Google Pushes for Greener Buildings, Leads by Example

Google Pushes for Greener Buildings

Google Pushes for Greener Buildings, Leads by Example

Google has taken to its public blog to talk about the company's focus on building greener, more sustainable workplaces for its employees. The company is involved in several green initiatives, including energy and water audits, the use of green building materials, and competitive programs that pit teams against each other to become the greener office.

In addition, Google says that it has now added its first LEED-certified building to the Googleplex in Mountain View, California.

LEED, which stands for "Leadership in Energy and Environmental Design," is an internationally recognized certification program for rating green buildings. Google says this is not its first LEED building, but it is the first at the Googleplex.

The new LEED platinum achievement was awarded for an interior renovation which used healthy building materials and practices, says Google. The company now has 4.5 million square feet of building space worldwide which it hopes will soon earn the LEED certification.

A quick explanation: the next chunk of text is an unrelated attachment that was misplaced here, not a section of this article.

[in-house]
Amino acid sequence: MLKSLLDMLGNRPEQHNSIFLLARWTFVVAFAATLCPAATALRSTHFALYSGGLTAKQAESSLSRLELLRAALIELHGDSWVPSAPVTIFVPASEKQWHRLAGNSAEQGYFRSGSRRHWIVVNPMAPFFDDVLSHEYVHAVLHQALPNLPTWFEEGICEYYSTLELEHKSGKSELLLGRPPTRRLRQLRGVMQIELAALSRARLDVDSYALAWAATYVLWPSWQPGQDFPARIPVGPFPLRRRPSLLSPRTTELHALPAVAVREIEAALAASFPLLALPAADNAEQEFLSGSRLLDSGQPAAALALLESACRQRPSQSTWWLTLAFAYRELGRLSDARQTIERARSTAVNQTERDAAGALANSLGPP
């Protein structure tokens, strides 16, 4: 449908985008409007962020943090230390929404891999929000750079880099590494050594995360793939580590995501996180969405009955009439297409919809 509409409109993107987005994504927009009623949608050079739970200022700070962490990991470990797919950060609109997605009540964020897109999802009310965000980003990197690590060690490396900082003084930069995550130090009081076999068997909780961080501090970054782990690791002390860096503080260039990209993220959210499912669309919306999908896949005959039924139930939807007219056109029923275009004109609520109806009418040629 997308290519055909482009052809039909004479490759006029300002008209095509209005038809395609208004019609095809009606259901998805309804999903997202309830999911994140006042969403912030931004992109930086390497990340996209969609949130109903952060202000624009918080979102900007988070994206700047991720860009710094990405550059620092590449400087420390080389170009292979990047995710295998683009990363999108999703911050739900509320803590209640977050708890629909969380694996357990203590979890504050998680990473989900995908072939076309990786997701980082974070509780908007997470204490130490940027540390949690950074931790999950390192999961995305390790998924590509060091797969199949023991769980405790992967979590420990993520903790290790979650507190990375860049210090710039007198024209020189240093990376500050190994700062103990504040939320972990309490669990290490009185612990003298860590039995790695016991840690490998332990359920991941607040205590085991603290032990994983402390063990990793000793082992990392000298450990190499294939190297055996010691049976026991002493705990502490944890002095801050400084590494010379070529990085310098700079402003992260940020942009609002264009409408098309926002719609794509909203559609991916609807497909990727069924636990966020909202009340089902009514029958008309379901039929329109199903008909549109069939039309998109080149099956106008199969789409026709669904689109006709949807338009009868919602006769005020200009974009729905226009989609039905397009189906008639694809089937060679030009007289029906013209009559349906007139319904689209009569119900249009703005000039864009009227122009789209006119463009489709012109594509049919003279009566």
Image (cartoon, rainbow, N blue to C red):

Other green building practices used by Google include:

  • Avoiding materials that contain volatile organic compounds (VOCs) and other known toxins that may harm human health by using materials free from the Living Building Challenge Red List Materials and the EPA Chemicals of Concern
  • Pushing the construction industry to adopt more transparent practices when it comes to labeling building materials and ask suppliers to meet transparency requirements via the Pharos Project
  • Invests in the most efficient heating, cooling and lighting systems
  • Performs regular energy and water audits
  • Implements conservation measures and develop best practices
  • Uses renewable energy when possible (like solar panels)
  • Google also runs an internal Sustainable Pursuit program that pits teams against each other to earn points based on their office's green performance, by measuring its green cleaning programs, water use and waste management strategy.